Metropolitan News-Enterprise


Tuesday, June 26, 2001


Page 1


Conviction for Aiding and Abetting Murder May Stand When Primary Conviction Falls, S.C. Rules


By a MetNews Staff Writer


A defendant may be convicted of murder as an aider and abettor even if his accomplice is convicted of a lesser crime, the state Supreme Court ruled yesterday.

In reversing a ruling of the Third District Court of Appeal, the high court ruled that Derrick Lakey’s first degree murder conviction could stand even though the fatal shots were fired not by him, but by Ejaan Dupree McCoy whose murder conviction was overturned.

Both were riding in a car in Stockon in 1995 when McCoy, the driver, shouted something toward a group of people standing on a street corner. He was answered with a hail of gunfire. Both McCoy and Lakey responded by pulling out handguns and firing shots of their own. One of the group was shot dead.

Evidence showed that McCoy fired the fatal shot.

McCoy testified at trial that he believed he had to shoot or would be shot himself. Both he and Lakey were found guilty of first-degree murder, but the Court of Appeal reversed McCoy’s conviction, saying the trial judge prejudicially misinstructed the jury on McCoy’s theory of unreasonable self-defense.

Had the jury accepted the properly presented theory, McCoy’s crime would have been reduced to voluntary manslaughter.

The appeals court also reversed Lakey’s conviction, given its contention that California law prevents conviction of an aider and abettor of a crime greater than the one pinned on the person who was aided and abetted.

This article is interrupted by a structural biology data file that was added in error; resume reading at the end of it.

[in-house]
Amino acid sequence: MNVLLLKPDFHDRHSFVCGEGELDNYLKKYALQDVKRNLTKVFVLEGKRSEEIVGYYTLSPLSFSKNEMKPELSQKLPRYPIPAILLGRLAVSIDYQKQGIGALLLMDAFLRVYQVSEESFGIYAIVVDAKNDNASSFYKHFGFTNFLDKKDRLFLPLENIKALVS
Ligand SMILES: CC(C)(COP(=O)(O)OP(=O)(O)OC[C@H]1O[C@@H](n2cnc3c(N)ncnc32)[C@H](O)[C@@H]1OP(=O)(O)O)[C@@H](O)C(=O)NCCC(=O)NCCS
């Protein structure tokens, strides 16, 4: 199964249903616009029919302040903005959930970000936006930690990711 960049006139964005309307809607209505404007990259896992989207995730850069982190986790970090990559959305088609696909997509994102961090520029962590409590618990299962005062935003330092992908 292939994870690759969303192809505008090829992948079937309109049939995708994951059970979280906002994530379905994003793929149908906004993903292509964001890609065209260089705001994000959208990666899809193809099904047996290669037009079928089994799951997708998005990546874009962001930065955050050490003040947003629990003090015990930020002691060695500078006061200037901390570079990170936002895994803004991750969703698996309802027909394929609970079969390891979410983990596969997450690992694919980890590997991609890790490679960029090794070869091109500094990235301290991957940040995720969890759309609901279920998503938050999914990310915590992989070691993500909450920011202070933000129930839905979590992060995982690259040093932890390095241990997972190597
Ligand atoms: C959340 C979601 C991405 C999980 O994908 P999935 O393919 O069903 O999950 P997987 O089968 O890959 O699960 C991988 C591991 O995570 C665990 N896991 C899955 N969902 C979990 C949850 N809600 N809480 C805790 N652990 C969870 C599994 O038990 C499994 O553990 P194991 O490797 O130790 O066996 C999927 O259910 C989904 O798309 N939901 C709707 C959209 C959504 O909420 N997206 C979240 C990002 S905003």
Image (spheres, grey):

But Justice Ming Chin said Lakey’s murder conviction should change, even though he didn’t directly kill anyone. That’s because Lakey could have the proper mens rea for murder while McCoy did not.

The justice lifted from Shakespeare to illustrate the court’s reasoning. If Iago falsely told Othello that Othello’s wife, Desdemona, was cheating on him, Chin said, and Othello killed Desdemona in a fit of jealousy, Othello might escape conviction of murder because of evidence of his state of mind. But Iago had a different state of mind.

“Iago should be liable for his own acts as well as Othello’s which he induced and encouraged,” Chin said. “But Iago’s criminal liability, as Othello’s, would be based on his own personal mens rea. If, as our hypothetical suggests, Iago acted without malice, he would be guilty of murder even if Othello, who did the actual killing, was not.”

Whether or not McCoy killed in unreasonable self-defense, “thus negating what would otherwise be malice to him, McCoy’s unreasonable self-defense would not negate the implicit jury finding that Lakey knowingly and intentionally helped McCoy commit the crime, which constitutes malice, Chin said.

The case is People v. McCoy, S087893.


Copyright 2001, Metropolitan News Company